A LANDMARK venue steeped in musical history is preparing to welcome live events back to the city - for the first time in more than a decade.

Work to restore Brighton Hippodrome to its former glory is well underway after it was bought by family-run company Matsim Properties last year.

On Thursday, The Argus was given an exclusive tour of the Grade II listed building, which has hosted acts including the Beatles and the Rolling Stones.

Now we can reveal that once planning is approved, this historic 123-year-old building will be home to live events once again.

The Hippodrome, which was built as an ice rink in 1897, will be used to host gigs, comedy shows and other live performances once the 18-month restoration is complete - subject to planning approval.

The Argus: Scaffolding has been erected under the roof Scaffolding has been erected under the roof

Speaking to the paper during a live stream on Facebook, owner Simon Lambor said he can't wait to welcome people back inside the historic venue.

He said: "Everyone who comes along next week will be able to find out the full proposals.

"They are initial proposals so we are looking to gear everyone thoughts and they are open to change.

"We just want to see the building interacted with as much as possible by everyone in Brighton and everyone coming to Brighton.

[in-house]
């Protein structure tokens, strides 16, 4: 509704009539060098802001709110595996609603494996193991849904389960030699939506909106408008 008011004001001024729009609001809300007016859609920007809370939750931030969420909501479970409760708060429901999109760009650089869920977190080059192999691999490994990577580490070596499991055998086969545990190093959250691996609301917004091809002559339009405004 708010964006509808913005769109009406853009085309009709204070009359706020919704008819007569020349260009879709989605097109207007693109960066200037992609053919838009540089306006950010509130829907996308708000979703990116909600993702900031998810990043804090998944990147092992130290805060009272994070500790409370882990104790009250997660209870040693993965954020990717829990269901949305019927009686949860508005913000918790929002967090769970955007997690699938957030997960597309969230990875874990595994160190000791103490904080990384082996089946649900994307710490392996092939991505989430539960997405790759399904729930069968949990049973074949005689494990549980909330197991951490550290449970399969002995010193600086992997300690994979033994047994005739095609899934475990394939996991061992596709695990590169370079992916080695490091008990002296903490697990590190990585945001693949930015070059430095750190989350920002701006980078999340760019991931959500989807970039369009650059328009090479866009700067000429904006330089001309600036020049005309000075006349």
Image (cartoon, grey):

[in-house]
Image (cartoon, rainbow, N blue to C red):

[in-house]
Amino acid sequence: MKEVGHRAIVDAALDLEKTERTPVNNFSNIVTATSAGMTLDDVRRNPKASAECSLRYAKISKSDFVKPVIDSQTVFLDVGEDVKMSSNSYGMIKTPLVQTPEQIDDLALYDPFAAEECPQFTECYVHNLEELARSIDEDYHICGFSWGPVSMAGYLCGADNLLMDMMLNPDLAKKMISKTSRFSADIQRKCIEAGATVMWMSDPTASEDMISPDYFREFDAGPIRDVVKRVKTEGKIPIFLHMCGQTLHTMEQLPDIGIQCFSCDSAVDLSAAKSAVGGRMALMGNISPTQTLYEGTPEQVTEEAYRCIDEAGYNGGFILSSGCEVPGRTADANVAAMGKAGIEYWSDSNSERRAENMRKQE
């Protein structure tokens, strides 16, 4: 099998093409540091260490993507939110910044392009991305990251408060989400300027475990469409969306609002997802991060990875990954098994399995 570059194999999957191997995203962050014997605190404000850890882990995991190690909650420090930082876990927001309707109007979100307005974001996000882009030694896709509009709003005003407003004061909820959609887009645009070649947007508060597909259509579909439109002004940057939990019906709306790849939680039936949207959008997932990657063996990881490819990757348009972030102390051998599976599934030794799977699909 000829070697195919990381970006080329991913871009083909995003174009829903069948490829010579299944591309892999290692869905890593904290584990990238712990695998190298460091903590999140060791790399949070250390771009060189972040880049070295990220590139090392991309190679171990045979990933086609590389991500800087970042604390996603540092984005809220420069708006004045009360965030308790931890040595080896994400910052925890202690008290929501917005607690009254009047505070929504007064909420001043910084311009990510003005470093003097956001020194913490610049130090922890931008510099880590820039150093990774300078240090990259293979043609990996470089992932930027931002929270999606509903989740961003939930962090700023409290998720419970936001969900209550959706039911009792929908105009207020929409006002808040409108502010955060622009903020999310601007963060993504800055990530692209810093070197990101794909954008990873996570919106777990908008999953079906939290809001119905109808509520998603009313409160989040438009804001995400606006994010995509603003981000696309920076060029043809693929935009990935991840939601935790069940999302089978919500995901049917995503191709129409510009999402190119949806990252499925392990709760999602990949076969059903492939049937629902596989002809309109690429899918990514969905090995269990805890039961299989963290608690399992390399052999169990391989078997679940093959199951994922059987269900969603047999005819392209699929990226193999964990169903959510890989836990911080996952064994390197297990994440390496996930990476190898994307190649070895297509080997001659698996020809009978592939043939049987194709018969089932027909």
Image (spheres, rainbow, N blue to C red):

"It has got such an amazing performance history that performance has got to be apart of that.

The Argus: Our reporter had to watch his step Our reporter had to watch his step

"A great big performance and hospitality venue."

Mr Lambour gave Argus readers a tour of the building, which has been unused since 2007, pointing out the extensive damage and restoration needed to return the building to its glory days of old.

One such area is the roof, which has been subjected to extensive dry rot and damage caused by the city's harsh seaside climate.

To overcome this, Matsim has submitted plans for providing a new roof structure over the auditorium, which would allow crews to repair the ceiling before removing the defective roof coverings.

When Mr Lambour first took over the property last year, there was a leak in the structure so big, that it could be seen from Google Earth.

From May 19 until May 21, people can view initial thoughts and ideas about the Hippodrome’s future.

Groups of up to five will be allowed at any one time and sessions will be around 15 minutes.

Interested parties should visit https://brighton-hippodrome.co.uk to secure a slot to view initial concepts and view the auditorium.